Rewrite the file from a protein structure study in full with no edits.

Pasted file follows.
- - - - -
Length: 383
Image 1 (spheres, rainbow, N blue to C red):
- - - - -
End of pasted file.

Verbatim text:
Length: 383
Image 1 (spheres, rainbow, N blue to C red):